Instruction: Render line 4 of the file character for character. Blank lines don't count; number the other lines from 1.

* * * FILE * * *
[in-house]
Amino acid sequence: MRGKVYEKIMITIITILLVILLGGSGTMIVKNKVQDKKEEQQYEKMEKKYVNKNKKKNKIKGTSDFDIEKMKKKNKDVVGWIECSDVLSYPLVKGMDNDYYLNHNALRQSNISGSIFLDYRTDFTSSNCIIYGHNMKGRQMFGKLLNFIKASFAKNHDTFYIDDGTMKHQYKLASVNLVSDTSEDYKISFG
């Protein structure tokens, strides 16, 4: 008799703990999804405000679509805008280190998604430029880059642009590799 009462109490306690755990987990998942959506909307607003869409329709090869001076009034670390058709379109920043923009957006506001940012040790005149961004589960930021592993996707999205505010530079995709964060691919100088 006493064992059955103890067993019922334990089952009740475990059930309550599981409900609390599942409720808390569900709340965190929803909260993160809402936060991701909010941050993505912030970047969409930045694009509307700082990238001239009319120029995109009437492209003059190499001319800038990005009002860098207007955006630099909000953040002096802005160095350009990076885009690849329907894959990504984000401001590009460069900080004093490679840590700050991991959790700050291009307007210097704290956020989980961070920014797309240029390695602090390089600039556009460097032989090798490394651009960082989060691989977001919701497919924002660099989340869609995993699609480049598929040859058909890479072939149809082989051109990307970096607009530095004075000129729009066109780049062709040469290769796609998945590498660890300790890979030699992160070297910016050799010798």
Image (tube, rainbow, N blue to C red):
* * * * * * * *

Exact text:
Image (tube, rainbow, N blue to C red):